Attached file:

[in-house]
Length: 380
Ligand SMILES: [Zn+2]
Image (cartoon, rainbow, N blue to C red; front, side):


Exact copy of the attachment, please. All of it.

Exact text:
[in-house]
Length: 380
Ligand SMILES: [Zn+2]
Image (cartoon, rainbow, N blue to C red; front, side):